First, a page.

Highlights of OIG activity from January 1, 2020 through March 31, 2020 are highlighted below:
• An OIG investigation which established that a CPD officer, on numerous occasions and while on-duty, used a personal recording device to improperly audio and video record members of the public without their knowledge or consent. The recordings show the officer verbally harassing individuals, recording people in their homes and in lock-up, making sexually suggestive remarks to a crime victim, making racially insensitive remarks, and delaying response to a call. The officer’s actions violated state law and multiple CPD General Orders and Rules and Regulations. The investigation further established that a second officer—the first officer’s CPD partner—was aware of, and participated while on-duty, in the officer’s video and audio recordings. The officers’ sergeant was also incompetent in the performance of their duties, having failed to adequately supervise the first officer and report the first officer’s misconduct. The sergeant was aware of the officer’s unauthorized video and audio recordings, and the sergeant neither reported the misconduct, nor ensured that the officer discontinued the practice of recording. OIG recommended that CPD discharge both officers and impose discipline commensurate with the gravity of the violations for the sergeant. CPD agreed with OIG’s recommendation and began the discharge process for the officers, but both officers resigned before charges could be filed with the Chicago Police Board. CPD moved to suspend the sergeant for 10 days; the sergeant is appealing the suspension.
• An OIG audit of the Department of Water Management’s (DWM) overtime monitoring established that DWM had developed policies and tools to manage overtime but did not utilize these resources consistently. OIG found that “call-out” processes across DWM were neither standardized nor transparent, creating a climate where employees might perceive the overtime system as unfair—potentially undermining morale and triggering grievances. DWM managers at all levels had limited awareness of the full range of the Department’s overtime processes, had not exercised robust oversight, and had not consistently maintained overtime records. OIG recommended that DWM update and distribute its overtime policies, use monitoring tools to inform operational decisions, continue efforts to develop internal reporting tools that provide a real-time view of overtime usage, and improve the consistency, transparency, and fairness of the overtime process. DWM agreed with the audit findings and committed to make better use of overtime monitoring tools.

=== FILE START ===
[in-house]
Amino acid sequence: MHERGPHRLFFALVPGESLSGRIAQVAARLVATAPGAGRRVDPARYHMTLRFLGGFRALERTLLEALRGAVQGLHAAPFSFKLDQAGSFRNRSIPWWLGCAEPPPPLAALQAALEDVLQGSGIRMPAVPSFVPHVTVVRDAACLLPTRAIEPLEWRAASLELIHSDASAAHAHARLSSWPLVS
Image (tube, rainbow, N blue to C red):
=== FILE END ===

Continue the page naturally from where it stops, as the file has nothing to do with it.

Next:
• An OIG notification determined that City does not comply with the requirements of Executive Order No. 2012-2, which governs the administration of the Chicago Data Portal. Over the course of several OIG projects, we had observed multiple issues with the Portal’s completeness, accuracy, and usability, which prevent users from accessing relevant City information and reaching accurate conclusions about City initiatives and resources.
• Other topics of OIG investigations included: City employees who engaged in sexual harassment and inappropriate conduct; time falsification; fraudulent sick time and FMLA leave; and attempted bribery by a City contractor.
Additionally, OIG’s quarterly report numbers are now available as an interactive dashboard that allows you to filter and compare complaints, investigations, and case outcomes, dating back to 2016: https://informationportal.igchicago.org/open-oig-quarterly-stats/